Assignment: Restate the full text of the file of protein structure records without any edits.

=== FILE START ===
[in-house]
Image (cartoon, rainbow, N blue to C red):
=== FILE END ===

[in-house]
Image (cartoon, rainbow, N blue to C red):